CA charters rebuff Trump on immigrants and vouchers
(Calif.) In another clear sign that politics in the Golden State play out far differently than the rest of the country, the state’s leading charter school organization issued a statement Monday distancing itself from the Trump administration on two key issues–immigration and vouchers.
In a letter to the incoming members of the state legislature, the California Charter Schools Association said it would support efforts by lawmakers to protect student rights regardless of immigration status, sexual orientation or religious faith.
The group took the further step of saying vouchers are not needed in California.
Jed Wallace, president and CEO of the association said the letter was intended to remind lawmakers that charter school supporters in California were in step with their efforts to protect student rights and the existing school experience.
“We think the California Legislature is the body that will have the more influence and oversight of charters than anyone,” he said. “And we looked for an opportunity to underscore our principals given the changes that may be taking place in Washington D.C.”
The statement comes on the same day that leaders of the Legislature’s Democratic majority introduced a sweeping set of bills aimed at blunting anti-immigration policies from the Trump White House. Among the proposals are new restrictions on local government’s ability to cooperate with federal immigration agents and an offer for free legal advice to undocumented immigrants during deportation proceeding.
For an education group to side with the state’s Democrats on social issues shouldn’t come as a surprise–but for the charter school, taking such a public position might prove risky.
Trump has not offered much on his views about schools but he appointed as his Education Secretary a long-time supporter of charters and of parent choice.
Betsy DeVos, a wealthy philanthropist from Michigan, has been for almost 30 years an active proponent of directing tax money away from traditional school districts in favor of more entrepreneurial models that would create competition.
Some observers have speculated that DeVos might advocate for freeing-up more federal money to fund a voucher programs – perhaps a share of Title I money.
That would seem like good news for charter schools everywhere but Wallace said introducing vouchers is a bad idea for California.
“We have a strong history of supporting parent choice and we think our existing robust policy environment is affording the rights of parents to school choice,” he explained.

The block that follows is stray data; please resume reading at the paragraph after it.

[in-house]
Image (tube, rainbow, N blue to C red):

“We’re not in support of parent choice for the sake of parent choice,” he said. “There have to be other pieces in place. Those other pieces include ensuring accountability for academic outcomes, ensuring admissions practices requiring that schools serve all students, and ensuring that schools are responsibly and transparently managed. We know these essential pieces can be achieved within a charter school context. For vouchers, it is not at all clear that these elements would a part of the mix. This is why we believe in California we should be focusing entirely on charter schools and not on vouchers.”
Here are key parts of the letter from CCSA.
On the issue of student rights:
“Rest assured that, should policy proposals be brought forward at the federal level that would attempt to undermine the rights of students - be they proposals to end protections for students created under the Deferred Action for Childhood Arrivals (DACA) program, eliminate protections for LGBT youth, or the creation of a registry targeted at the families of Muslim students, to name but three possible proposals aligning with statements made during the presidential campaign - CCSA and our hundreds of member schools across the state stand ready to partner with legislators in California to prevent any such threatening proposals from being enacted or enforced.”
“While legislation may be brought forward at the federal level to create new student voucher programs, given that California's vibrant and growing charter school sector affords parents their fundamental right to choose where their students go to school, we believe that vouchers would be at odds with the needs of California's public school system, and we will work actively to resist them from being forced upon our state. Instead, we will continue working to ensure that high performing charter schools are allowed to open, that chronically underperforming charters are closed, and we will work to ensure that all of California's charter schools are operated and controlled by responsibly governed non-profit organizations.”